A tailgating attack, also referred to as “piggybacking,” involves attackers seeking entry to a restricted area without proper authentication. In it, the perpetrators can simply follow an authorized person into a restricted location. They can impersonate delivery men carrying tons of packages, waiting for an employee to open the door. They can ask the unknowing target to hold the door, bypassing security measures like electronic access control.

Other interesting terms…

Read More about a “Tailgating Attack

Tailgating is a common type of social engineering attack. While they don’t always use computers per se, as in the sample scenario above, they always involve some sort of electronic identification.

Tailgating is considered more of a psychological manipulation in that attackers make unknowing employees accomplices to their crime. Like phishing, including spear phishing or whaling, it is an information security confidence trick designed to fool authorized people to allow attackers to access restricted areas and information.

Who Are Most at Risk of Tailgating Attacks?

Organizations with large employee numbers, prone to staff turnover, and that rely on several subcontractors for specific tasks are most at risk of tailgating attacks.

Universities and open campuses with huge foot traffic are also at significant risk, especially since their students typically rush from class to class without thinking twice about leaving doors open even when they don’t know who’s following them to restricted areas.

The same is true for offices where employees are always hopping from one meeting to the next, running around to take urgent calls, and striving to meet pressing deadlines.

These places are ripe for criminals’ picking. They can suffer from data breaches and other types of phishing, ransomware, and other malware-enabled attacks that can cost millions to address and severely damage an establishment’s reputation.

How Can Organizations Avoid Suffering from Tailgating Attacks?

The fact that most companies today are more preoccupied with defending against cyber attacks can contribute to the success of tailgating attacks. Organizations, however, need to protect against physical and cyber threats.

Truth be told, tailgating attacks require the implementation of fundamental measures that include:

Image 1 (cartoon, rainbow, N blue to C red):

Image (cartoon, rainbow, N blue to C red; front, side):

• Logging off from your computer and other devices while these are not in use. Don’t forget to include universal serial bus (USB) sticks and Secure Digital (SD) memory cards. Anything that contains confidential information needs to be secured. Following company security rules strictly always helps.
  • Don’t be fooled by looks. If anyone looks suspicious, approach the person and ask for credentials to make sure he or she is authorized to be in the area. It’s always better to ask and be careful rather than presume someone is who you think he/she is. If you’re afraid to ask, let your security team know immediately instead.
  • Always know what is going on around you, especially when you’re entering restricted areas (i.e., those with highly confidential, classified information). Fake couriers or IT contractors may try to sneak in once you clear the entry system. Don’t fall for friendly folks carrying loads of files, making you think they just need help opening the door.
  • If you’re part of your company’s security team, create and implement comprehensive security protocols covering both physical and virtual threats. Ask your bosses to make following them a mandatory part of employee training. That will help you ensure no corporate data will fall into the wrong hands.
  • Make it a point to follow your organization’s security protocols. Attend the necessary training so you can avoid being the cause of a data breach or compromise.


Tailgating may seem simple, but its consequences are as devastating as any other kind of attack, physical or virtual. To avoid its unwanted repercussions, follow the tips and tricks in this post.